How does the team(s) within which you find yourself feel about itself?
Does the team self-censor and bite their tongue on challenging certain issues?
Might your leadership style be overpowering and drive hidden reluctant compliance?
Could you and your team be suffering from symptoms of groupthink?
Noted psychologist Irving Janis defined groupthink as: "A mode of thinking people engage in when they are deeply involved in a cohesive in-group, when the members' striving for unanimity override their motivation to realistically appraise alternative courses of action.
Groupthink refers to a deterioration of mental efficiency, reality testing and moral judgment that results from in-group pressures."
As well as this, it can also refer to the tendency of groups to agree with powerful, intimidating bosses.
The known perils involved in individual decision making—selective perception, excessive self-interest, limited knowledge, limited time—mean most important decisions today are made in groups (and committees!).
Groups can do a spectacular job; but they often do not. Meetings, the place where groups do their decision-making work, have acquired a bad reputation, largely because of processes such as groupthink.
Groupthink is the result of flawed procedures, poor leadership, insulation and an unmanaged desire for the maintenance of group cohesion and its good feelings.
Having worked with and observed many teams, I notice three recurring potential problems:
Clues are everywhere but, if not noticed and acted upon early, as these characteristics embed they can get ignored and the messengers of difference are dismissed.
There are several things good leaders and organisations can do to avoid groupthink:
Evaluate often, set and review/raise benchmarks
Consult widely, encourage new and external input
Create safe and honest space for sharing/challenge/diversity of thought
A useful process change for meetings that has borne benefit has been to present competing views and decision making processes at the outset of meetings - challenge the team to first state what they like about the competing view and second articulate the gap between that and the existing view, before dissecting it!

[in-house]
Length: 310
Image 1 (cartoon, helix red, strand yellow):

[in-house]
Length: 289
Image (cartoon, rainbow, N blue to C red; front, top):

Completing decision making in the first 60-70% of a meeting, rather than at pace at the tail end of meetings, decreases the likelihood of quiet nodded compliance.
You can then move on to brainstorming for the last 20-30 percent of the meeting.
This meeting technique allows for decompression and for rebonding of the group and orient more to future activities and growth.
Other pattern-breaks are to move meeting venues and styles, take them off site, mix things up, flip things around and explore how the group can be taken out of their comfort zone and patterns of behaviour (perhaps this can be a discussion in the 20-30% part of meetings).
Team members are likely to differ in temperament, so tune in to the nuances and preferences, and create opportunities for the quieter and reflective colleagues to share where they might otherwise not.
Leadership almost always involves getting work done with and through others - high-quality decisions are not made through intimidation, whether intentional or unintentional.
Some leaders have no idea why people do not speak up, while the reason they do not is often because they are likely to be attacked.
Leaders encourage the best performance from groups when they can alert them to the kind of review that is expected.
If the leader can be clear, and temperate, there is a greater likelihood that norms of positive disagreement will develop.
This is essential to avoiding groupthink and creating the right attitudes for progress and improvement.